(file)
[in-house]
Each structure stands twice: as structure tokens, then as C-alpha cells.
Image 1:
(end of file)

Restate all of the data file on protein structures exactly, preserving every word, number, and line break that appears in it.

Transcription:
[in-house]
Each structure stands twice: as structure tokens, then as C-alpha cells.
Image 1: